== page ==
November 24th, 2006 – Jennifer Browdy de Hernandez writes: Many years ago, I visited the ruins of the ancient Zapotecan city of Monte Alban. It was a cool, overcast morning, and from the plateau on which the city lies the view of the surrounding sierras was breathtaking, the power of the place palpable. From the top of the huge southern temple, which some archeologists believe was used as an astronomical observatory, I watched threatening dark clouds moving swiftly towards us–so swiftly that we were quickly enveloped in the rain storm, and only with difficulty made our way back through the thick fog and driving rain to the shelter of the visitors’ center.
A storm of this magnitude has engulfed the state of Oaxaca today, seemingly fueled by some of the ancient power that I sensed from Monte Alban. It’s a political storm, grounded by the desperate resistance of the masses of Mexican indigenous campesinos and ordinary poor folk to centuries of oppression. Finally unwilling to stand for the open corruption and brutality of the state governor, the people of Oaxaca are standing up for their rights, and resisting police and military efforts to bludgeon them back into cowering silence.
As with the Zapatista uprising in Chiapas, 1994, the movement in Oaxaca is benefiting from friends with internet connections. The declaration of the indigenous movement was posted online at the Narconews.org website on November 22, courtesy of El Enemigo Común, and it makes for inspiring reading! Here’s a small sample from the introduction:
“Today we are not only struggling against a local tyrant, but against an entire system, which for many years has implanted its political and economic structures and continues to import external cultural forms in order to dominate us. Thus, all the repression and low intensity warfare that we’re experiencing in the state and in the country as a whole stem from the confrontation between two projects: that of the oppressors and that of the oppressed, our project.
We are resisting the demand to turn over our wealth to a few people and to become modern slaves in the new exploitation centers, the maquiladoras, or to become the muleteers of our natural resources. We are resisting the loss of our culture, of being governed by a gang of thieves that utilize power in their own self-interest and to serve those who keep us in dire poverty.
We also remind you that it’s not only the powerful who are responsible for our situation, but also we, the oppressed people, who have let them have their way for many years, many decades, who have let those who degrade us stay in power. In other words, we’ve often elected our own executioners or have sold our dignity for a plate of lentils. And they’ve used our poverty to throw us a few crumbs. Our people have lived for too many years in this system that reduces us to beggars.”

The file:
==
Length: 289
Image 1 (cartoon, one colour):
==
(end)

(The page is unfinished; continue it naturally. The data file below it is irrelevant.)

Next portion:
We here in the US like to think of ourselves as the most enlightened, modern society on the face of the planet, but don’t you think we have a thing or two to learn from these grassroots activists from the sierras of Mexico?
In the US, the tactics of repression have indeed grown more subtle. For example, we don’t deny the masses education, we use education as a tool of indoctrination into conformity to the system. Kids who aren’t sufficiently pacified by mind-numbing media and multiple-choice pedagogy are put on expensive cocktails of psychiatric drugs. Their parents struggle to maintain the middle-class American dream–a nice house, two cars, a family vacation every year, and putting the kids through college–by locking themselves into endless cycles of expensive debt, and see it as a personal failure, rather than systemic inequity, when they just can’t make their dreams come true.
Meanwhile in the halls of power, the pharmaceutical, financial, energy and insurance industries seem to have a stranglehold on our political system that mirrors the iron-fisted control of the elites in Mexico. Both countries claim that their political systems are “democracies,” but in reality, here as throughout the world, money talks, and the vast majority of ordinary people have to try to survive on the crumbs.
Those of us who are interested in the possibility of truly inclusive and fair democracy should pay attention to what’s going on in Oaxaca these days. The grassroots leaders there are envisioning a system of governance that is non-hierarchical, consensus-based, and free of elitist corruption. Let’s try to imagine what it would be like if Americans at the local level started embracing the radical vision expressed by the indigenous people of Oaxaca in their declaration, to whit:
“We must earnestly seek a new way of conducting politics.
“The APPO [Popular Assembly of the People of Oaxaca] now has the ability to change the correlation of forces in favor of the people because it is the people themselves. It can’t betray itself. We must understand that. That’s why we must all be heard. We can’t build anything if not through consensus. That does NOT mean voting and following the will of the majority. It means looking for a solution that we all agree with. Our program should be based on NEVER AGAIN MAKING DECISIONS WITHOUT CONSULTING THE PEOPLE.”